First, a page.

But she cannot see how GPs would have the time to use Doctaly with their full workload, “unless it is forced upon us to earn part of our income privately in order to survive, as it has been with the hospitals”."
Dr Louise Irvine, the National Health Action (NHA) Party executive, says patients should be aware of some of Doctaly’s small print.
"Dr Louise Irvine, the National Health Action (NHA) Party executive, says patients should be aware of some of Doctaly’s small print. First, patients can choose whether the notes from the Doctaly consultation should be shared with their regular NHS GP. But Dr Irvine says: “Any private GP should share the results of the consultation with your regular GP. If you are prescribed something privately your GP needs to know. The Doctaly GP gives the notes to their patient to choose what they do with them. This practice goes against the GMC guidelines and is potentially unsafe.”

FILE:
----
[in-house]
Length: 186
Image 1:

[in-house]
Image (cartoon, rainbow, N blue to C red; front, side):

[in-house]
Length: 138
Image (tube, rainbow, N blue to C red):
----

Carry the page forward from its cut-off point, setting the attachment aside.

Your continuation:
Dr Irvine also highlights that Doctaly recommends psychiatric complaints or chronic diseases should be dealt with by a patient’s regular GP. “This looks suspiciously like the reality of much private practice which cherry picks the easiest elements of care and leaves the rest to the public sector,” she says.
She is concerned that some GPs may be “tempted to fill the holes in their funding – which is at an all-time low right now – by taking on this additional work”. “Some people refer to this as ‘privatisation by the back door’ but it is looking more and more like the government is holding the front door open for it. I worry that the funding constraints may become too great and my fellow practitioners may be forced to adopt this way of working.”